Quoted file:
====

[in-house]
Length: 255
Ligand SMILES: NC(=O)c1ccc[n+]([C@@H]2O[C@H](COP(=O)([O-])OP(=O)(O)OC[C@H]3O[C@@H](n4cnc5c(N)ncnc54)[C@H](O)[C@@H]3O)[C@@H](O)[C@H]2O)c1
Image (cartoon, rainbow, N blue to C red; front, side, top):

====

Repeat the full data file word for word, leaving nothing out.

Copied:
[in-house]
Length: 255
Ligand SMILES: NC(=O)c1ccc[n+]([C@@H]2O[C@H](COP(=O)([O-])OP(=O)(O)OC[C@H]3O[C@@H](n4cnc5c(N)ncnc54)[C@H](O)[C@@H]3O)[C@@H](O)[C@H]2O)c1
Image (cartoon, rainbow, N blue to C red; front, side, top):